One day after a shooting that killed 20 children and 6 adults at Sandy Hook Elementary School, Ryan Martin, 24, his brother Brendan, 22, Colleen Thornberg, 22 and Christie Attanasio, 22, from Newtown pin a banner to a fence in Newtown.
Neville Elder—Corbis via Getty Images
By Jennifer Hubbard
December 14, 2017

Five years ago, we were no different than any other family preparing for Christmas. Little did we know that the unthinkable was about to happen and instead of writing holiday cards, we would be forced to write our daughter’s obituary. You see, five years ago on December 14, 2012, our daughter, Catherine Violet Hubbard, was killed at Sandy Hook Elementary School in one of the worst mass shootings in our country’s history.

After the tragedy in Newtown, we asked people to honor Catherine’s life by supporting the animals she loved. Animals were her passion and caring for them was her mission. We had no idea a simple ask would put so much into motion. In the following weeks, donations poured in from across the country and around the globe to help the creatures our daughter cherished. So much so, that we made a decision that would change our lives forever: to create the Catherine Violet Hubbard Animal Sanctuary, a place where all creatures would know that they are safe and people are kind, just as Catherine would have wanted.

Many have joined us in our quest for a kinder world and have rallied around our daughter’s pure and innocent dream. In 2013, the ASPCA not only honored Catherine posthumously with it’s Tommy P. Monahan Kid of the Year award, but also launched our building campaign by granting the sanctuary $50,000 toward the creation of the veterinary intake facility. Just a year later, the state of Connecticut voted unanimously to convey 34 acres in the heart of Newtown for the site of the sanctuary.

Since then, we have developed programming that teaches stewardship of animals and caring for their habitats, even bringing these lessons into the Newtown Public Schools K-4 classrooms. Our in-school and “Sundays at the Sanctuary” workshops reach over 400 people every month. Through our Senior Paw Project and work with 19 rescues from the tri-state area, we continue to honor Catherine’s mission of caring for animals. Specifically, our annual Butterfly Party welcomes over 3,000 people and last year, found homes for 55 animals.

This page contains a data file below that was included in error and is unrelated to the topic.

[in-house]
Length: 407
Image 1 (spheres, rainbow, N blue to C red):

Five years ago, our family lost so much. But in that loss we eventually found much. We found love, kindness, and a hope. We found that we are not divided by our hardships, but united in our compassion for one another. Through people we’ve encountered and opportunities we have been afforded, we have seen Catherine’s spirit live on in the values and generosity of so many. In the smiles of the children who attend our workshops and the animals that have found their forever homes through our programs, we see Catherine’s joy; in the gentle breeze that seems to always grace the sanctuary, we hear her whispers of appreciation.

The Catherine Violet Hubbard Animal Sanctuary is our daughter’s dream realized—a safe haven of healing and compassion for all beings. In a hurting world, maybe this place will be an instrument of change in the trajectory of someone’s life. Maybe—just maybe—a family celebrating the holidays will not be faced with the reality of which we were faced five years ago. And if we can do that, we have honored Catherine’s message of kindness and acceptance for all.

Jennifer Hubbard is president of the Catherine Violet Hubbard Foundation.

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